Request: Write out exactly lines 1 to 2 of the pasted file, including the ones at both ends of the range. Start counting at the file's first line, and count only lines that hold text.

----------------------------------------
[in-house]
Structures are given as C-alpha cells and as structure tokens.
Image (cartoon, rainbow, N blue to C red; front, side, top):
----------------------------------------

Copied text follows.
[in-house]
Structures are given as C-alpha cells and as structure tokens.